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Happy Talk on Housing and Mortgages Masks Dangers

Over the last several months, analysts have become invested in the narrative of a recovery in housing, hyping positive data and downplaying either negative data or the explanations that temper the good news (the large amounts of uncounted shadow inventory, for example). This pervasive talk feels a lot like the bubble years, only we’re now talking about how the bottom for housing has been reached instead of marveling that prices will never go down again. And it’s led to a pernicious outcome – the selling off of housing stock to large investment groups who plan to rent it out.

There’s nothing inherently wrong with that, nor is it surprising. Rich investors were always going to buy up low-end housing stock if they felt it was undervalued. It’s the vehemence of this push in recent months, bolstered by federal policy on shifting REO (real estate owned) homes to rental units, that has scaled up the practice, so that instead of rich local developers you have massive Wall Street firms and hedge funds doing the purchasing. Mother Jones ran a nice piece last week on your new absentee landlord:

Earlier this year, Carrington (Investment Partners) announced a partnership with another hedge fund to buy nearly half a billion dollars worth of foreclosed single-family homes and convert them into rental properties. Carrington is by no means the only one doing this. Silicon Valley-based private equity firm GI Partners is investing more than $1 billion in similar ventures. Other foreclosure-to-rental players, according to Bloomberg, include the $19-billion investment fund Starwood Capital Group,* the billionaire media magnate Sam Zell, and Apollo Investment Management—the New York buyout firm led by the billionaire Leon Black.

Federal regulators see the foreclosure-to-rental frenzy as a way to resuscitate the moribund housing market. In February, the Federal Housing Finance Agency announced a pilot program to sell discounted batches of Fannie Mae-owned homes to large investors in six major urban areas on the condition that the buyers lease out the properties. Advocates claim the program will give blighted properties a makeover and provide displaced homeowners with more rental options. “If you are a distressed family coming off of a foreclosure, the last thing you need is escalating rental rates,” Rick Sharga, executive vice president of Carrington Mortgage Holdings, told the trade publication Housing Wire last month.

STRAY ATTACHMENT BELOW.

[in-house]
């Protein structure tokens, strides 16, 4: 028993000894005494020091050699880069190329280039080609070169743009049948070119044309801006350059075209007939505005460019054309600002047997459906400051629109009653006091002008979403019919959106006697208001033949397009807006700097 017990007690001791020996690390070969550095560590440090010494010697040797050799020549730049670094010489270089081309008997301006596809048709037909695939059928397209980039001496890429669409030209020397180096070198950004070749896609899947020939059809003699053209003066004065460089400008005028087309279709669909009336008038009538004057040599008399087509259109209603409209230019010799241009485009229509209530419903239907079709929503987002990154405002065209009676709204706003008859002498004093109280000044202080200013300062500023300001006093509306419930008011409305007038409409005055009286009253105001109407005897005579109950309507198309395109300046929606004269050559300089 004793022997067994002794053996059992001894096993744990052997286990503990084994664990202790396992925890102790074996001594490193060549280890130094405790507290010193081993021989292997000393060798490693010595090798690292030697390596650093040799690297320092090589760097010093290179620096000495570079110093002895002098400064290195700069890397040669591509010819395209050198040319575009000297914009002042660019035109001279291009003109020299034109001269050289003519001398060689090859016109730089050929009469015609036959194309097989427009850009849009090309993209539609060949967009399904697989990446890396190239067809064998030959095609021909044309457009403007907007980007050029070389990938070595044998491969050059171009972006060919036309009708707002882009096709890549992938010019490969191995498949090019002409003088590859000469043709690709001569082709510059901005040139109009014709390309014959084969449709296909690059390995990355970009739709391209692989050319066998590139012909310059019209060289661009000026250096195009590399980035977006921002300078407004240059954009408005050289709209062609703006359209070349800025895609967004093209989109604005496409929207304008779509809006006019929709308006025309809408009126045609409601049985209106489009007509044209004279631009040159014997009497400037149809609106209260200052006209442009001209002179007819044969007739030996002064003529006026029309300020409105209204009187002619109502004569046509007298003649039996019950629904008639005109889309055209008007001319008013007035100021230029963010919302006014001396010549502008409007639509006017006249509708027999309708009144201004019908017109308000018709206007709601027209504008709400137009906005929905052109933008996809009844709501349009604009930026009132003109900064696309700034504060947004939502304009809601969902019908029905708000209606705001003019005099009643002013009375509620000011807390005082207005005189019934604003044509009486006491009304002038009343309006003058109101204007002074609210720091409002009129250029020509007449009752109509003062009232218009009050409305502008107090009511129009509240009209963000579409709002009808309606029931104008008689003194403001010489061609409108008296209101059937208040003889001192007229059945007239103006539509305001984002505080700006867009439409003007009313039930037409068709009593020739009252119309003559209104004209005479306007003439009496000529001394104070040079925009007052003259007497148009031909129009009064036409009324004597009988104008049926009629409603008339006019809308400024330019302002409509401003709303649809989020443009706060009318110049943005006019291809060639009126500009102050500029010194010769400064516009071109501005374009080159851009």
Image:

But housing experts worry that the trend could backfire if private equity magnates amass vast tracts of rental homes only to become white-glove slumlords. “That’s a big part of the concern,” says Tom Deyo, the deputy director for national initiatives for NeighborWorks America, a network of 235 nonprofit community redevelopment groups. “These investments in rental homes need to be seen as investments in communities, not just as data points on some spreadsheet.”

The trend is continuing. Yesterday the head of US housing strategy at Morgan Stanley left the firm to launch a “buy-to-rent” housing fund. He considers it “one of the most compelling investment opportunities available across all asset classes today.”

That sounds suspiciously like a re-inflation of the housing bubble, in a sense. The idea goes that investors swoop in and buy these vacant properties, pulling them off the market and converting them to rental units. The resulting restriction of supply ends up goosing housing prices, every home appreciates in value, and smiles all around.

Except there’s the aforementioned problem with absentee landlords screwing their tenants. And the rosy expectations built into this plan. Moreover, the happy talk on the effect of all of this on prices has led to a strong repurchase of toxic mortgage bonds, which seems really absurd.

While stock and high-yield bond markets have swooned in recent weeks, one unlikely fixed-income sector has been outperforming — non-agency residential mortgage-backed securities (RMBS).

The securities — which helped spark the financial crisis, and are mostly backed by the damaged mortgages that made “sub-prime” a household word — are enjoying a renaissance this year.

These are secondary trades – not many new mortgage bonds have been created post-crisis. This is the same toxic waste that plummeted in value and led to the meltdown, being traded again to investors looking for a yield. These are the same bonds, created with fraud and sold with misrepresentation, that multiple banks have been sued over, lawsuits that continue to flow into the judicial system, including a recent one by the FDIC. In fact, many lawsuits question whether the bonds are even tied to the underlying mortgages, because of improprieties in the initial handling of the securitization. Nevertheless, they’re now seen as a solid investment.

Everyone in the market claims that the bonds have been “loss-adjusted” to account for defaults and foreclosures. Presumably these are the same people who saw no problem with subprime bonds in 2005 and 2006. It all gives me a quite horrifying sense of deja vu.

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David Dayen

David Dayen